“It’s pissing rain out there,” Novare told his friend Balian. “Let’s have another round, and you can give me a chance to win back my losses.”
The friends had been dicing with the off-duty sergeants at a tavern just below the citadel of Beirut. Because of its proximity to the castle, the tavern was popular with the garrison of Beirut, and many of the younger knights, like Sirs Balian and Philip, frequented it as well. The cook here was a Syrian Christian, a genuine master of Outremer cuisine, who knew how to blend the spices of Arabia with the fruits of Byzantium and the meats of the West. Meals were served with flat-bread, rolls or rice, and the wine was decent, plentiful and affordable.
“I could do with another drink,” Balian agreed, looking over his shoulder for the proprietor or one of the serving girls, “but I’m done dicing with you, Philip. I might keep winning!”
“Come on! My luck is bound to change!” Novare countered. While he recognized that Balian meant well, he simply couldn’t stop gambling. He was on the brink of winning. He could feel it in his bones. Winning and losing always came in streaks, and he’d been losing for days now. His fortunes must be about to change.
“Play something on your lute instead,” Balian countered, jerking his head toward the instrument that Novare carried around with him the way other men carried a hat. He had a talent for putting rhyming couplets, usually disrespectful and slightly off-color, to music to make easy-to-sing ditties.
Philip didn’t have to be asked twice. About the only thing he liked more than gambling and women of easy virtue was music. He removed his lute from its leather case and was just tuning it when the door banged open and the cold, wet air blew in.
The man in the door shoved his lined, chainmail coif off his head and searched the room as his eyes adjusted to the dark.
“Shit!” Balian muttered as he recognized his brother Baldwin. A moment later Baldwin found him.
“You are in trouble up to your eyeballs, Balian!”
“Well, don’t sound so sorry about it!” Balian shot back.
Baldwin just shook his head. “I’m not kidding. This time you’re in shit so deep, I don’t think Hercules could dig you out! Come with me!”
“What is it?” Balian asked frowning but getting to his feet and collecting his cloak.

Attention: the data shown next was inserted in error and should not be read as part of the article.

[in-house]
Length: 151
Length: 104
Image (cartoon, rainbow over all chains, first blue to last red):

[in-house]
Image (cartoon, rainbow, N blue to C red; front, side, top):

“I’m not at liberty to talk about it here,” Baldwin answered primly.
That was bad, and Balian knew it. He absently removed a coin and laid it on the table in front of Novare. “Pay my bill, will you?” It was not a question, and Novare noted that it was more than twice what he owed; a subsidy from Balian to his ever-out-of-pocket friend.
Outside in the rain, Baldwin lit into his brother. “I’ve never in my life seen our father so furious. Absolutely white with suppressed rage. I wouldn’t be surprised if he flogged you in front of the entire garrison!”
“What is this about?” Balian asked. They again started together for the citadel that loomed over them, a darker grey against the dull grey of the rainy day.
“Oh, don’t play innocent! This is one thing you can’t pretend you didn’t do!”
“When have I ever pretended not to do something I did?” Balian shot back. “I’m not some stinking coward, who doesn’t own up to what he does!”
“So sorry! I forgot you were a paragon of chivalry! Except for when you’re sniffing around some bitch’s skirts!”
“Don’t be such an ass! As if you didn’t drop your braies whenever you get the chance!”
“Except, I’m not stupid enough to do it with the kind of girl who can point a finger!”
“What do you mean?”
“Does the name Denise strike a bell?”
They had already crossed the bridge over the fosse and reached the barbican. Baldwin called up to the watch to let them in through the postern. The Ibelin brothers slipped sideways through the door held only half-open for them; the men on watch didn’t want to let in too much wind and rain. In the presence of the other men, the brothers suspended their conversation and did not resume it until they were out of hearing.
“Denise?” Balian asked. “You mean the seneschal’s daughter?”
“Yes, that’s the one.”
“What about her?”
Balian didn’t answer.
Baldwin led at a fast pace up interior stairs that by-passed the large double hall and opened in the hallway of the residential tract behind the solar. Baldwin did not give his brother time to catch his breath before pounding on the back door to the solar and announcing in a loud voice. “It’s me, father! I’ve found Balian.”
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